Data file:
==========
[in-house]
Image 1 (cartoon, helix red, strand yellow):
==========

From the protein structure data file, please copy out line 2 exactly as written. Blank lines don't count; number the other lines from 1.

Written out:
Image 1 (cartoon, helix red, strand yellow):